"What's up?" asked Lucy. "Breaking news?" Late breaking news was a problem for a weekly, which had to wait an entire week before printing stories that by then had become stale.
"Not hardly," said Ted, chuckling. He was not only the editor, but also the publisher and chief reporter for the paper, which he'd inherited from his grandfather. That celebrated New England journalist's rolltop desk still dominated the old-fashioned newsroom and was Ted's most prized possession.
"You've got to see it to believe it," said Phyllis, laughing so hard that her sizable bosom was jiggling as she handed the press release to Lucy. Phyllis was celebrating spring's late arrival by wearing a pink bouclé sweater that matched her pink reading glasses and her hair, also dyed pink.
Lucy quickly scanned the press release, which announced in bold capitals that Sylvia and Warren Bickford were soon to celebrate their twenty-fifth wedding anniversary in June by renewing their vows, that joyous ceremony to be followed by a reception to which the whole town would be invited. And that was not all, promised the press release, which went on to invite all the ladies of the town to participate in a fashion show of wedding gowns from the past by modeling their own dresses. All those interested should contact Sylvia at her shop, Orange Blossom Bridal.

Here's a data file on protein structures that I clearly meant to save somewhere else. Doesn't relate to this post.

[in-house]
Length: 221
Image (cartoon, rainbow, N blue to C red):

"This is so funny," said Lucy, when she'd finished reading. "I just saw the Bickfords, who Dot Kirwan calls the Bickersons, at the IGA. She picked on him mercilessly; the poor guy couldn't do anything right. Harry, the deli guy, said he was surprised Warren hasn't murdered Sylvia. A divorce would be more appropriate than renewing their vows. The whole town is going to be laughing at them."
"It's pretty smart, if you ask me," said Ted. "It's great publicity for her bridal boutique, and also for his limo company."
"It could backfire," said Lucy. "Everybody knows it's an unhappy marriage. Nobody'd be surprised if Warren bailed out, or worse."
"Oh, I don't know," said Phyllis, in a thoughtful tone. She was a bit of a romantic, having found her great love, Wilf Lundgren, rather late in life. "There must be something that keeps them together, despite outward appearances. I think it's kind of sweet."
Lucy spotted her sunglasses, exactly where she had left them, and grabbed them, perching them on top of her head in Jackie Kennedy style. "Speaking of sweets, I gotta run before my ice cream melts — see ya tomorrow!"